Worried About Gas Leaks in Your Home? How to Know There’s an Issue
Are you concerned there might be a gas leak in your home? Do you feel like you can smell natural gas in certain parts of your home? Have you been noticing a mysterious odor that’s almost like rotten eggs? Or has your family said things that made you suspect a gas leak? No matter what got your attention, finding carbon monoxide or gas leaks in your home is a serious matter. It’s incredibly important to notice potential problems with your gas lines so you can keep your family safe.
But what exactly are the signs you need to be watching out for? And what should you do if there’s a problem in your piping system? That’s what this article is all about. Keep reading to learn everything you need to know to identify and address gas leaks in your home.
What Causes Gas Leaks?
Gas leaks most often occur when a gas pipe or seal becomes corroded. When pipes and fittings break down, gas is allowed to leak into your home (or yard, in the case of outdoor leaks). Additionally, if one of your gas-powered appliances gets damaged, it might start to leak gas as well.
Dangers of Gas Leaks
There are many ways that gas leaks can be hazardous to your home and your family. Low levels of natural gas can cause mild gas poisoning over time, leading to a range of symptoms from headaches to difficulty breathing. And if your home is filling up with gas and something causes it to ignite, such as an electrical spark, it could create a serious explosion.
Carbon monoxide is another gas to watch out for, as it can be quite deadly when inhaled. Unlike natural gas, however, it can’t be detected by smell. That’s why it’s so important to have working carbon monoxide detectors in your home.
Common Places for Gas Leaks
Gas leaks are most likely to occur in places in pipes and appliances that are subject to wear. Because of this, you’re much more likely to find a gas leak where pipes join together at the fittings than in the center of a length of pipe.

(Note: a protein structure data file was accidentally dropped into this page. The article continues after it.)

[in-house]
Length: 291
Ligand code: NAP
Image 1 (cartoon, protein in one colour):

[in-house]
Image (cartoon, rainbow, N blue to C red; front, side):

Fixtures and pipes that haven’t been upgraded in several years are common places for gas leaks. Things like shut-off valves, unions and tees, regulators, and flexible supply lines are places where gas leaks are most likely to appear. It is also common for gas leaks to occur where the pipe passed through brick or block walls.
How Gas Leaks are Detected
Plumbers have multiple ways that they can detect leaks in gas lines. If you call a plumbing service to inspect your home, they might pressurize the gas line with air, soap down exposed fittings, and even excavate underground lines.
One test you can perform yourself is called the bubble test. To do it, you can prepare a mixture of dish soap and water, then apply it to the exposed gas pipe while the gas is on. If you see bubbles forming in the liquid, it means there’s a leak in that area.
Signs That a Gas Leak Exists
You should be able to tell if there’s a broken gas pipe in or near your home by looking out for a few simple signs. Here’s what to watch out for.
Unusually High Gas Usage
This almost goes without saying, but if you notice your gas bill seems to be getting higher and higher, you might have a problem. If you know you’ve been using a lot more gas than usual, but you haven’t been doing anything to cause this, you probably have a leaky pipe.
If this is the case, look for some of the following signs to confirm whether there is indeed a gas leak in your home or not. Either way, you should call an emergency plumber right away.
A Smell Like Rotten Eggs
In its natural state, natural gas is a completely odorless and colorless substance. As you can imagine, that would make it rather dangerous to use, as it’s hard to detect odorless, invisible gas. For that reason, gas companies add chemicals to gas that cause a sulfur-like smell. This smell is often compared to the smell of rotten eggs. If you notice a rotten egg-like scent in certain places around your home, there’s a good chance you’re dealing with a gas leak.